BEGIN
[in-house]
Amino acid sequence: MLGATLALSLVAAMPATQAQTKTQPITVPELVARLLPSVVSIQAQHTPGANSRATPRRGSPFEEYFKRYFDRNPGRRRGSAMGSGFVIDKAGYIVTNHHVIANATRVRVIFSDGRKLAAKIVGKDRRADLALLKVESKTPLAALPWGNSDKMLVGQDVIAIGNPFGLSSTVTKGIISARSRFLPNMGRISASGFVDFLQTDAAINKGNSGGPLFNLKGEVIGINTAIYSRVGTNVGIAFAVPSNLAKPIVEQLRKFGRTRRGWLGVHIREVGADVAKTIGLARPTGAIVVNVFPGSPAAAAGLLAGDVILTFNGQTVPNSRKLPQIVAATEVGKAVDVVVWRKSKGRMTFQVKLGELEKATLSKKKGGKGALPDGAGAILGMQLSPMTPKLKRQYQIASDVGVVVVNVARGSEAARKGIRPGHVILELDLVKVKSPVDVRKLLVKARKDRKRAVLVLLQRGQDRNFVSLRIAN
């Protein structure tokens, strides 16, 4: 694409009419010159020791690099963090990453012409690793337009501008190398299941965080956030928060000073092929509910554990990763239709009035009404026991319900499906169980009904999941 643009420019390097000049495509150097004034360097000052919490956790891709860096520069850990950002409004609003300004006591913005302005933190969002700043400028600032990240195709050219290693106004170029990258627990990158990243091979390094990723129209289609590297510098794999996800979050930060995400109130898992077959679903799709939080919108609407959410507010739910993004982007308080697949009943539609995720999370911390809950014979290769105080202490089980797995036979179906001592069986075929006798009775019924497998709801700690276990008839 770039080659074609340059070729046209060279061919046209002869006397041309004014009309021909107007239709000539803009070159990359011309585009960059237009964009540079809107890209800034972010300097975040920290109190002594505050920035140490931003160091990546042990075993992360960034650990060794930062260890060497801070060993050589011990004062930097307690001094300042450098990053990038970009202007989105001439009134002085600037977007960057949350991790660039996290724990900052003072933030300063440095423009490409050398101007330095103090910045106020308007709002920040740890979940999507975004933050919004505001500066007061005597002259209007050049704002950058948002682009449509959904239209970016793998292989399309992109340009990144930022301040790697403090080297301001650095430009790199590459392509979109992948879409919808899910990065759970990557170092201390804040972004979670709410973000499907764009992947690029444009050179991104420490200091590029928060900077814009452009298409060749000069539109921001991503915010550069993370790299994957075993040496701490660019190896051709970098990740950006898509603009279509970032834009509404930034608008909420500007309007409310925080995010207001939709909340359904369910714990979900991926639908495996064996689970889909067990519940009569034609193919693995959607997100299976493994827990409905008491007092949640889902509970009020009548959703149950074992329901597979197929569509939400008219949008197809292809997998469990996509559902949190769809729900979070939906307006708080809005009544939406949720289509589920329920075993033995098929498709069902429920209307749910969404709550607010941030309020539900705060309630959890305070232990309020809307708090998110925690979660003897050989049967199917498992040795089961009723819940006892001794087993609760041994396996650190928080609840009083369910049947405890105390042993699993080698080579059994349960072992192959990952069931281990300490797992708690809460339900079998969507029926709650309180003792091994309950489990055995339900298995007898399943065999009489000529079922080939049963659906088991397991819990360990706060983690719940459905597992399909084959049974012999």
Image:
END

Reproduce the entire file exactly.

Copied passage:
[in-house]
Amino acid sequence: MLGATLALSLVAAMPATQAQTKTQPITVPELVARLLPSVVSIQAQHTPGANSRATPRRGSPFEEYFKRYFDRNPGRRRGSAMGSGFVIDKAGYIVTNHHVIANATRVRVIFSDGRKLAAKIVGKDRRADLALLKVESKTPLAALPWGNSDKMLVGQDVIAIGNPFGLSSTVTKGIISARSRFLPNMGRISASGFVDFLQTDAAINKGNSGGPLFNLKGEVIGINTAIYSRVGTNVGIAFAVPSNLAKPIVEQLRKFGRTRRGWLGVHIREVGADVAKTIGLARPTGAIVVNVFPGSPAAAAGLLAGDVILTFNGQTVPNSRKLPQIVAATEVGKAVDVVVWRKSKGRMTFQVKLGELEKATLSKKKGGKGALPDGAGAILGMQLSPMTPKLKRQYQIASDVGVVVVNVARGSEAARKGIRPGHVILELDLVKVKSPVDVRKLLVKARKDRKRAVLVLLQRGQDRNFVSLRIAN
């Protein structure tokens, strides 16, 4: 694409009419010159020791690099963090990453012409690793337009501008190398299941965080956030928060000073092929509910554990990763239709009035009404026991319900499906169980009904999941 643009420019390097000049495509150097004034360097000052919490956790891709860096520069850990950002409004609003300004006591913005302005933190969002700043400028600032990240195709050219290693106004170029990258627990990158990243091979390094990723129209289609590297510098794999996800979050930060995400109130898992077959679903799709939080919108609407959410507010739910993004982007308080697949009943539609995720999370911390809950014979290769105080202490089980797995036979179906001592069986075929006798009775019924497998709801700690276990008839 770039080659074609340059070729046209060279061919046209002869006397041309004014009309021909107007239709000539803009070159990359011309585009960059237009964009540079809107890209800034972010300097975040920290109190002594505050920035140490931003160091990546042990075993992360960034650990060794930062260890060497801070060993050589011990004062930097307690001094300042450098990053990038970009202007989105001439009134002085600037977007960057949350991790660039996290724990900052003072933030300063440095423009490409050398101007330095103090910045106020308007709002920040740890979940999507975004933050919004505001500066007061005597002259209007050049704002950058948002682009449509959904239209970016793998292989399309992109340009990144930022301040790697403090080297301001650095430009790199590459392509979109992948879409919808899910990065759970990557170092201390804040972004979670709410973000499907764009992947690029444009050179991104420490200091590029928060900077814009452009298409060749000069539109921001991503915010550069993370790299994957075993040496701490660019190896051709970098990740950006898509603009279509970032834009509404930034608008909420500007309007409310925080995010207001939709909340359904369910714990979900991926639908495996064996689970889909067990519940009569034609193919693995959607997100299976493994827990409905008491007092949640889902509970009020009548959703149950074992329901597979197929569509939400008219949008197809292809997998469990996509559902949190769809729900979070939906307006708080809005009544939406949720289509589920329920075993033995098929498709069902429920209307749910969404709550607010941030309020539900705060309630959890305070232990309020809307708090998110925690979660003897050989049967199917498992040795089961009723819940006892001794087993609760041994396996650190928080609840009083369910049947405890105390042993699993080698080579059994349960072992192959990952069931281990300490797992708690809460339900079998969507029926709650309180003792091994309950489990055995339900298995007898399943065999009489000529079922080939049963659906088991397991819990360990706060983690719940459905597992399909084959049974012999």
Image: